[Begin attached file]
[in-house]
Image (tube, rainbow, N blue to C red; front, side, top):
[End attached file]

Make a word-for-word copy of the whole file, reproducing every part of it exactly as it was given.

[in-house]
Image (tube, rainbow, N blue to C red; front, side, top):